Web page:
As your network gets larger and more complex, a single firewall at the perimeter may not be sufficient. At this point, you may have branch offices in remote locations that connect to your LAN at headquarters, and you may also want to control what enters the sub-networks of some departments or divisions (such as accounting or personnel) from the rest of the LAN.
This requires a different firewall deployment strategy and the recognition that the Internet edge is not the only perimeter; there are also interior perimeters you need to protect. This is analogous to a physical security plan: you not only put locks on the gates (the outer perimeter), but also put locks on the buildings and on individual office doors within the buildings. Likewise, you can place departmental firewalls or branch office firewalls at those perimeters to provide internal protection.
Another situation requiring multiple firewalls is the need to have some of your servers accessible over the Internet by outside users who don't have accounts on your company network. In this case, the best solution is to construct a "DMZ" (also called a "screened subnet" or a "perimeter network") by placing those Internet-accessible servers between two firewalls. One firewall sits at the Internet edge and the other sits at the "entry point" to your internal LAN. The computers and devices between the two firewalls are in the DMZ. This means that if a hacker is able to compromise a computer in the DMZ, he still doesn't have access to the internal LAN.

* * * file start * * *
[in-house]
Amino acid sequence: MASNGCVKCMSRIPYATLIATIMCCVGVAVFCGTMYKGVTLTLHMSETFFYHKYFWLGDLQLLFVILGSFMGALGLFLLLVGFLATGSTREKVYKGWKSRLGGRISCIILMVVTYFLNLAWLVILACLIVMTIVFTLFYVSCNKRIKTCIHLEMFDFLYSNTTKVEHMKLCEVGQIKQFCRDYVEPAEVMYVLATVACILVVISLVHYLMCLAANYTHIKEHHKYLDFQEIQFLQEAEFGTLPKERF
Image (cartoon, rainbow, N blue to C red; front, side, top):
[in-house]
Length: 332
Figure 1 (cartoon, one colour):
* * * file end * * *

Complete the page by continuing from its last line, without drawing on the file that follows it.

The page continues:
Finally, you may need multiple firewalls to more efficiently provide protection while maintaining performance. Traditional packet-filtering firewalls are fast, but they miss attacks that are carried at the application layer. Application layer filtering (ALF) firewalls do a more thorough job of filtering, examining not just packet headers but also the contents of the packets. However, that slows them down. For that reason, you might want to put a traditional packet filtering firewall at the Internet edge where traffic is heaviest, and then place multiple ALF firewalls behind it to perform the more tedious content examination.
Use legacy firewalls to support growth
If you plan properly, you can continue to use the firewalls you purchased when the network was small, as your company grows. The low cost, lower capacity appliance that was once on the Internet edge can be moved "inside" to serve as a departmental firewall when you buy a more powerful (and more expensive) firewall to handle the outer perimeter traffic. The software firewall that was installed on a low-end server can have its hardware upgraded to handle higher capacity, or it can be moved to the LAN edge on the DMZ to perform application layer filtering while a new, fast packet filtering firewall handles traffic as it comes in from the Internet. If the software firewall itself is retired or moved to a different machine, the server box can be "recycled" to function as a file server or in another capacity on the network.
Planning your firewall infrastructure with growth in mind from the beginning will ensure that you get the most value for the money you spend on firewall hardware and software.
Debra Littlejohn Shinder, MCSE, MVP is a technology consultant, trainer, and writer who has authored a number of books on computer operating systems, networking, and security. Deb is a tech editor, developmental editor, and contributor to over 20 additional books on subjects such as the Windows 2000 and Windows 2003 MCSE exams, CompTIA Security+ exam, and TruSecure's ICSA certification.